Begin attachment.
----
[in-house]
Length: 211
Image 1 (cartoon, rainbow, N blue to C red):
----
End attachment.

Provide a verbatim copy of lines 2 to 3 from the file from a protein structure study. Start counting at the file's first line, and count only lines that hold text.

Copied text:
Length: 211
Image 1 (cartoon, rainbow, N blue to C red):